Japan is where regular, high-speed railways were born. The country’s Shinkansen ‘Bullet Train’ network has been developed over more than 50 years and covers all main trunk routes.
The network centres on the capital Tokyo, with lines to the west, south, east and north of this densely-populated nation. New Shinkansen bullet train variants are still under development, maintaining the country’s pre-eminent technological position. The national Japan Railways Group (JR) operates the Shinkansen bullet train network.
Shinkansen project details
The first line to see these ground-breaking trains was from Tokyo to Osaka, the Tokaido Shinkansen, opened in October 1964. Initially, the trains ran at up to 200km/h (125mph), increased with improvements in infrastructure, signalling and maintenance.
Second-generation Shinkansen was introduced in 1972 between Shin-Osaka and Okayama, three years later being extended to Hakata. Infrastructure improvements later allowed line speeds to be increased to 220km/h. The line now connects Osaka and Fukuoka, has been improved to operate trains with line speeds of 300km/h.
The first Shinkansen to the north of the country began operating in 1982. These were the Tohoku Shinkansen, from Tokyo to Morioka and now Aomori, and the Joetsu, to Niigata. Northbound services have been expanded, with the introduction of Tohoku Shinkansen branch lines, Yamagata Shinkansen from Tokyo to Shinjo and the Akita Shinkansen between Tokyo and Akita.
Hokuriku Shinkansen line was opened in 1997 between Takasaki and Nagano, extended in 2015 to run from Tokyo to Kanazawa. The Shinkansen network also includes the Hokkaido line from Aomori to Hakodate, with extension to Sapporo scheduled for 2030. The Kyushu Shinkansen line connects Hakata Station in Fukuoka with Kagoshima.
Currently, Shinkansen trains are capable of operating at a maximum speed of 320km/h. Each Shinkansen line involves fast trains, semi-fast trains and local trains.
Operating such an intensively used, high-speed railway creates enormous strains on the infrastructure and as a result, around a third of all costs are consumed in maintenance.
Shinkansen run principally on conventional steel rail mounted on concrete sleepers but the fastest services use dedicated tracks to avoid conflict with slower trains.
Shinkansen trains run on two different gauges, 1,067mm and 1,435mm, which precludes each part of the system from using the other’s trains. However, many of the narrower gauge routes are to be converted to 1,435mm and JR East finished the conversion of its Yamagata-Shinjo route in December 1999.
All Shinkansen lines, excluding the Akita and Yamagata lines, operate on tracks exclusively built for and used by bullet trains.
Signalling and communications
Signalling is broadly fixed block, although, with such high line speeds, sections are much longer than is standard elsewhere.
A regular clock-face departure pattern for most services helps maintain a high level of reliability but, in the event of emergencies, train crews are in constant contact with their nearest control centre.
Information systems on newer variants of Shinkansen trains are proving much more reliable than previously, thanks to their use of much shorter cable lengths.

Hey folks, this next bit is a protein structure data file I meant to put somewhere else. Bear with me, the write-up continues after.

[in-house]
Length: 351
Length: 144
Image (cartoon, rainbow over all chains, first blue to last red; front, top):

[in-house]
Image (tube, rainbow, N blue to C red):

Three types of trains operate on the Shinkansen routes. Nozomi are the fastest and most modern trains, the dramatically-styled 500 Series. The model is distinguished by its 15m-long power car nose, giving an extremely aerodynamic profile. The driver’s cab has a dome canopy, to allow excellent forward vision.
The 500 Series also boasts an innovative pantograph design, shaped like a wing, which also helps reduce wind resistance at high speed. Drivers’ instruments are all laid out in groups according to their function. Extensive soundproofing means there is little sensation of speed inside trains, and wind noise is at a minimum.
Japan began testing the Alfa-X (E956 Series) train, which can reach speeds of 400km/h in May 2019. This new generation train will have a 22m nose, considered to be one of the longest in trains, along with environmentally-friendly carbide power converters. The train will also be equipped with new safety measures to protect passengers from potential earthquakes. Set to operate in the Tokoku region and Hokkaido, Alfa-X will operate at speeds of approximately 360km/h during commercial functioning and is expected to start operations in 2030.
N700 series, rolled out in 2013, is currently running on the Tokaido and Sanyo lines. During trials in 2009, the series reached a maximum speed of 332km/h between Maibara and Kyoto.
Sixth-generation model of N700 series underwent a test run in July 2019 reaching a speed of 360km/h. Battery-powered N700S train will be the first completely revamped Shinkansen in more than a decade. The train will start running on the Tokaido line in 2020, with the aim to launch 40 N700S trains by 2022.
Expansions of the Shinkansen bullet train network remain a priority. Major experiments are being conducted into the use of magnetic levitation (Maglev) technology, whereby magnetic power is used to levitate the vehicles and propelled by linear motors, which offers the potential for even higher speeds, by eliminating friction and vibration.
Maglev train, Linear Chuo Shinkansen, is being developed and tested as the fastest bullet train, capable of reaching speeds of 500km/h. The first part of this line is set to be completed in 2027, connecting Tokyo’s Shinagawa Station to Nagoya. The Linear train is expected to cover 286km in 40 minutes, with 86% of the line being underground. The line will see a future expansion of 153km to reach Osaka.